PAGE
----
• Wed, 15, Jan, 2020 - 5:00:AM

TOP 30 OF 2019 - 10. We need to talk about the women of Dirty John

Connie Britton / Wikimedia Commons

First published on Thursday the 21st of March, 2019, this piece comes in at number 10 in the top 30 most read Villainesse stories of 2019.

There was a moment in Dirty John’s final episode that really made the show for me. It had so far been a cracking good ride, but this little interaction pushed the true-life crime drama into classic territory. Veronica Newell, an L.A. girl with Hollywood curls and a Kardashian accent, has just made her Uber driver chase the eponymous dirty John. After they lose him, she demands the driver rush to her little sister’s apartment. She’s going to camp outside until it’s light out. And she wants the driver to stay with her.

An eyebrow raises. She brings herself close to him. “Hey!” she drawls, eyelashes aflutter, “If you’re not gonna be a dick about waiting with me, then I will let you…” the driver looks up, “tell me your top five favourite chillwave albums.”

Played by the marvellous Juno Temple, Veronica ‘Ronnie’ Newell had my heart from the jump. As the audience we have a leg up – we know there’s something wrong with John, it’s there in the name of the show. It’s excruciating, therefore, to watch Connie Britton’s Debra fall for his tricks. Even worse to see her marry him, on a whim in Vegas, within a few months of meeting. Ronnie provides an outlet from the moment we meet her. She hates her mum’s new relationship, and she isn’t shy about letting either of them know it.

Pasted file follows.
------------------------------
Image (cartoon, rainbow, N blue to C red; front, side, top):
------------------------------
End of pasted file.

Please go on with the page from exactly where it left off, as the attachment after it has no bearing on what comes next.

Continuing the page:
A weaker show, perhaps a fiction, would have portrayed Ronnie and Terra as angels. Dirty John is all the better for portraying the sisters as they are – Les Enfant Terribles.

In the Mean Girls universe, they’d be Plastics. They bark orders, they roll their eyes. Their worst crime, to us watching at home, is the way they treat their mother. But what they lack in warmth, they make up for in resolve.

Terra is the more agreeable of the pair. Also an Orange County princess, she’s younger than Ronnie. Thanks to her mouse-like squeak of a voice, one could easily mistake her for a child. But this is a decoy, as we later discover. It’s only when the surprise twist hits that we remember what she was talking about when we first met her.

We’re not used to seeing these types of women as heroes. In romantic-comedies they’re the other women. In teen-comedies they’re the bad girls. But in this story not only are they warriors, they save the good girl too.

The good girl, in this case, is their mother.

But Debra possesses her own strength. In a hyper-meta moment at the end, she responds to a request from a reporter. He wants to tell her story. This of course becomes a podcast and then the show we are watching. Debra has thought it over, and responds; “I think I’d like to get our story out there. It probably won’t make me look very good. But I’d like it to help other women.”

It’s true, she doesn’t ‘look very good’. Search ‘Debra Newell’ on Twitter and you’ll get plenty of tweets calling her a ‘dumb bitch’. She must have known she’d be received that way, but she told her story anyway.

Dirty John is a complex show. It makes you wonder how such a trusting, acquiescent woman could raise two stone-cold bitches. It also makes you wonder how a woman could trust a man as shady as John Meehan. We’re forced to constantly detach ourselves from what seems obvious to us – He’s stealing from you! He’s lying to you! He’s gaslighting you! – and try to see things through Debra’s eyes.

Dirty John is about women, and the way they respond to toxic masculinity. In intermittent flashbacks we see how Tonia, John’s first wife, escapes him. In separate flashbacks, we see Denise, John’s sister, banish him from her life. In a b-plot we watch Debra’s mother Arlene forgive another man for something most of us would find unforgivable.

But this show isn’t about unforgivable men. It’s about women, in all their complexity, deciding whether or not to forgive them. 


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